cvs commit: doc/en_US.ISO8859-1/articles/zip-drive article.sgml
wb at freebie.xs4all.nl
Tue Aug 24 13:47:06 PDT 2004
On Tue, Aug 24, 2004 at 12:33:08PM -0700, Kevin Oberman wrote..
> > From: "Bruce A. Mah" <bmah at freebsd.org>
> > Date: Tue, 24 Aug 2004 12:03:54 -0700
> > Sender: owner-cvs-all at freebsd.org
> > --=-/X/f2KeLUF0cVqZhgu7r
> > Content-Type: text/plain
> > Content-Transfer-Encoding: quoted-printable
> > On Tue, 2004-08-24 at 11:41, Simon L. Nielsen wrote:
> > > As I see it, DOS means all variants (including MS-DOS, DR-DOS, IBM-DOS
> > > and so on) where MS-DOS refers specifically to MS-DOS. In the context
> > > of FreeBSD documentation I think in most cases when referring to
> > > MS-DOS, it would apply to other DOS variants as well.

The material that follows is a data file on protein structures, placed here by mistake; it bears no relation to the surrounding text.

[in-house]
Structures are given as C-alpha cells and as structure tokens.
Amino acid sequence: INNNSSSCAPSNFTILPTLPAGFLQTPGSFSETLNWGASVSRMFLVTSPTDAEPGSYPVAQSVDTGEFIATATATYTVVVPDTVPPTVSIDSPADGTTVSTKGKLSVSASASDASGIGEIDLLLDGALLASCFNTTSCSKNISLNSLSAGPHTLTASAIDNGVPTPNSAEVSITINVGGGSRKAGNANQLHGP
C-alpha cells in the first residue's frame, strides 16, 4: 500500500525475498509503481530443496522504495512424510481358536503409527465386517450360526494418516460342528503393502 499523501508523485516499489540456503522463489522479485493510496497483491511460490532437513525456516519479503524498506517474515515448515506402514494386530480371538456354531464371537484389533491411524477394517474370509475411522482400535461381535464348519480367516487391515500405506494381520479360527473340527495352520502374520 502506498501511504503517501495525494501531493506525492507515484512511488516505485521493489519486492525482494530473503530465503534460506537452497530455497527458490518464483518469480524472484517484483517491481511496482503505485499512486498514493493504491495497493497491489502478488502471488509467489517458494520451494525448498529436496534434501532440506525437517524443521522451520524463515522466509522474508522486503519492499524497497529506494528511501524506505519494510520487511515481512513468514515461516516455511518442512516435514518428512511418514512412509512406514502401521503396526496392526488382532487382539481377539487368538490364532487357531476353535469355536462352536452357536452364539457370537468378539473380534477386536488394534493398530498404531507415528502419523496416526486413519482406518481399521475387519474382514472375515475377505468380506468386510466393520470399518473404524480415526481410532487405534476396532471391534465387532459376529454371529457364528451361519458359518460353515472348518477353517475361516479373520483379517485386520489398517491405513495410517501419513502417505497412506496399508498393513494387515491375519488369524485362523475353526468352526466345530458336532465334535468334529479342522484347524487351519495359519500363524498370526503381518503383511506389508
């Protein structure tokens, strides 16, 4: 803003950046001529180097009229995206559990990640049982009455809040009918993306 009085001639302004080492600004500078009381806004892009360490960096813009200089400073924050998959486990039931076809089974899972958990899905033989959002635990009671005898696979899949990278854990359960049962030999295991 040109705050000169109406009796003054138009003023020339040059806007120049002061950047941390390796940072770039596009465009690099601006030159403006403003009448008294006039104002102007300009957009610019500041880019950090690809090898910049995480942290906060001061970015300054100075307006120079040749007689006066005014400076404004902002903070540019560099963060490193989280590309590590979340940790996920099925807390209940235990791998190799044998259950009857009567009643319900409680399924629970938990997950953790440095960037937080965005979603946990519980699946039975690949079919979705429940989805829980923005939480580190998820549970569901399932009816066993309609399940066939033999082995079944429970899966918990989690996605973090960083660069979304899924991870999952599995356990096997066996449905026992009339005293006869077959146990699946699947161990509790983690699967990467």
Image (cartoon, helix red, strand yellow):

> > Although this is almost totally irrelevent in this context, DOS can
> > refer to operating systems other than MS-DOS workalikes...the first
> > example that comes to my mind is the Disk Operating System that ran on
> > Apple IIs long before Microsoft cared about PCs. 
> > Bruce.
> >  It's not *totally* irrelevant in that if someone were to write some
> > Handbook text about running Apple II emulators such as kegs under
> > FreeBSD, they'd probably be talking about DOS in a non-PC context. 
> >  I'm feeling silly...must be time for lunch.
> Almost all computers "of a certain age" have had an operating system
> called DOS. In the early '70s I ran DOS on our PDP-11/40.
Too new.. PDP8/s with a PPT reader. Fun. But at least memory was memory in
those days, it did not forget things once power failed .
: assuming core memory of course. Really neat that you could, if need
be, literally point to the offending bit :)) At least 'core dumps' had
their true meaning.
Wilko Bulte wilko at FreeBSD.org
More information about the cvs-doc